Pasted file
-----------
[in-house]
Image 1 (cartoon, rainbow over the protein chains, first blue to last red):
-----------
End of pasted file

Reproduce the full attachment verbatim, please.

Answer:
[in-house]
Image 1 (cartoon, rainbow over the protein chains, first blue to last red):